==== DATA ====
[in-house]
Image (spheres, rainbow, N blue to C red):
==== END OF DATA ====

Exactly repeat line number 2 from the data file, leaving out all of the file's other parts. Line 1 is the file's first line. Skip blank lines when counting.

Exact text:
Image (spheres, rainbow, N blue to C red):